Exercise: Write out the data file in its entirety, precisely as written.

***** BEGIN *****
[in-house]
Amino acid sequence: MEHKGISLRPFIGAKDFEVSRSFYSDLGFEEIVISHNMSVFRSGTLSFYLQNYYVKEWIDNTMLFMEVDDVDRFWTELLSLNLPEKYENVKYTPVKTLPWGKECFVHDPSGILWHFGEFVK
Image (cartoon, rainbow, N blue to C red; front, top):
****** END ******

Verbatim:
[in-house]
Amino acid sequence: MEHKGISLRPFIGAKDFEVSRSFYSDLGFEEIVISHNMSVFRSGTLSFYLQNYYVKEWIDNTMLFMEVDDVDRFWTELLSLNLPEKYENVKYTPVKTLPWGKECFVHDPSGILWHFGEFVK
Image (cartoon, rainbow, N blue to C red; front, top):